A real Gabicci history : The smart side of being casual.

fatman_and_coxsone_1

They came in all shapes and sizes…

It’s the height of Summer in 1973. In a basement on Maddox Street, London, two friends Jack Sofier and Alex Pyser came together to create a knitwear brand. All after a joint visit to the Italian coastal town of Gabicce Mare. It was at this place where they came to truly realise the quality and style of Italians and their manufacturing. With a mixture of East End rag trade expertise and the idea of sharp Italian styling taken away, a unique brand was born in the UK.

I say the UK, as throughout the 50s and 60s Italian knitwear manufacturing was already booming. American labels such as Damon, Leonardo Strassi, Banff to name a few were big players in the knitwear game. However, pieces such as these had yet to make their way over the pond and this is where Gabicci found its gap. The formula was to run two seasonal knitwear collections using an acetate/polyester mix for S/S and wool with suede trims for A/W.

Looking for vintage knits like this check out my vintage knitwear online-shop: www.styleandclassics.com

srasta

Dancing at the Notting hill carnival in Late 70s.

Their vision for the brand was aimed towards the more discerning seventies man, to be worn at a country club, whilst sipping a G&T, but the inner-city kids of Brixton and Hackney had other ideas.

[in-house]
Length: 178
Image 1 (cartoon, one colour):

Aswad-1981

Hanging in the back street of south London. 1981.

Quickly the brand fell onto the shoulders of the second generation black Londoners. Dressed to the nines and followed by their white counterparts, they would head to dancehall sound-system parties where they would move till the early hours. As time went on these button-up knit shirts came to be known by some as ‘yardie cardies’.

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Scene from ‘Babylon’ – Dancehall documentary.

The term yardie derives from the slang name given to impoverish inhabitants, mostly involved in crime, in Trenchtown, Jamaica. This group started to dress in a certain way and married with emigration into the UK in the 1960s, it was brought with them. Other brands desired by them included Farah trousers and shoes by Bally and Pierre Cardin.